Huber refuses to show the income stream to the City, if we pay up front and keep the asset under public domain. Instead, he does a bait and switch, only referring to bonding - and for $25 million, to boot. In his latest presentation (see slide 13), he even omits the $25 million bond revenue as cash flow to the City under a bonding scenario. Curiously enough, boost that curve up by the omitted $25 million and it becomes highly competitive with the revised proposed deal with ACS, and outshines the original deal. Also, please note the difference in cash flow in slide 13 (amounting to less than $400 million in 50 years) and the 'increased income' shown in slide 5 (topping $600 million in 50 years). These guys refuse to stick to just one story, they are so eager to slant whatever information they think will sell this deal to the public.

But, that is not the point.

If we do the fiscally responsible thing, which seems to run counter to anything the Ballard Administration fancies, and pay $8 million for our own upgrade, the City would keep an asset that the next generation would find useful to have.

I asked for the spreadsheet used to generate the curves on slide 13 - but have received no reply, much less the spreadsheets. So, I analysed the predicted cash flow for the current proposal as follows:
I noted the year in which the curve crossed a $50 million line.
I divided the increase in cash flow between these years by the number of intervening years, to get the average cash flow per year.
I estimated that the average cash flow below $2.1 m was 30% of the $7 m threshold, and any amount over that $2.1 m represented 60% of the total revenue above the $7 m threshold.
I subtracted $10 million for the initial upgrade and an upgrade every 10 years.

Here is the comparison you get if you pay as you go:

Cumulative Cash Flow ($ Millions)
YearProposed 50 Year LeasePay Up-Front

The years with an asterisk (*), denote years where an additional $10 million upgrade of the system was calculated.

If the City took a pay as you go approach, we would see a net improvement in revenue over the proposed ACS deal by year 11, even with having paid for two system upgrades in that time.

By year 48, the City would see a net cumulative cash flow of $655 million, $305 million MORE than if we pursue this ACS deal. That is 87% HIGHER revenue.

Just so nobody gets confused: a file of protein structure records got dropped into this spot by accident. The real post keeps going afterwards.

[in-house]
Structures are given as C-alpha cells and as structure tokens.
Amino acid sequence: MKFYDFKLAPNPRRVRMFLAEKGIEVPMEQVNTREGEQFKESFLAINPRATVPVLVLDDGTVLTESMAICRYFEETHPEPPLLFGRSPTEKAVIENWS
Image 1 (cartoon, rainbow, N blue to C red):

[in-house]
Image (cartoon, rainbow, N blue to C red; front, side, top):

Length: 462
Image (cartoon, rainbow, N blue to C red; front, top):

If the slide 5 prediction of over $600 million in revenue to the City under the ACS deal were more accurate than the slide 13 prediction, then the City might actually generate $1.125 Billion, even after subtracting $50 million for periodic upgrades. That's a whopping $525 million more.

We don't need to craft a deal that makes ACS rich. We should keep this monopoly asset and pay the modest upgrade costs and let the cash flow to the owners of the rights of way and the meter system - the public.

Rules Committee to Take Up Parking Meter Deal - Again

The Rules committee of the City-County Council meets tonight, beginning at 5:30 pm, in room 260 of the City-County Building. On the agenda is consideration of the revised 50 year lease of the parking meter system (a monopoly) to ACS.

This committee is purposely stacked with Republicans, and all controversial proposals that might not eke out every last Republican vote, seems to find its way to this committee.

Bob Lutz serves as Chair. The other Republicans on that committee are Bob Cockrum, Mike McQuillen, Angel Rivera, and Ryan Vaughn. Vaughn, you will recall from posts on OgdenOnPolitics and AdvanceIndiana, was listed with the State of Indiana as a lobbyist for ACS for a full year, until he claimed it was an error and had that information removed from the State's website. He also works at Barnes & Thornburg, where a Partner, Joe Loftus, serves both as a lobbyist for ACS and Counsel for Mayor Greg Ballard. Vaughn has refused to recuse himself from voting on this matter, saying that only if his law firm become partners with a client in a deal, not merely representing that client, then and only then would it become a conflict of interest requiring his recusal. That logic sets the ethics rules on its ear. Democrats on this committee are Monroe Gray, Angela Mansfield, and Joanne Sanders.

Monday, November 8, 2010

Paul Ogden Hits a Home Run

Paul Ogden, author of OgdenOnPolitics, has hit a home run with today's blog entry "Cancelling the ACS Contract, What the Ballard Administration Doesn't Want You to Know; And About That ACS Jobs Promise...It's Not Legally Enforceable". I recommend you read it in its entirety.

Here are the CliffNotes:

1) While Deputy Mayor Mike Huber is touting the cancellation feature of the newly revised deal to privatize the parking meter system (a monopoly) through a 50 year lease with politically connected ACS, the contract has some nasty penalties should the City actually go through with cancellation.
2) If the City chooses to turn the cancelled contract over to another firm to operate, neither that firm nor the City can MAKE ANY MONEY from the meters FOR TWO YEARS. Unless, the City forks over an additional $5 million penalty to ACS.
3) If the City chooses to cancel the contract it is PROHIBITED from floating a bond to pay the cancellation penalty.
4) The promised movement of 200 ACS jobs to Indianapolis is totally unenforceable because a) it is not included in the contract and b) only Huber signed the letter of agreement and he is not legally authorized to commit the City to anything.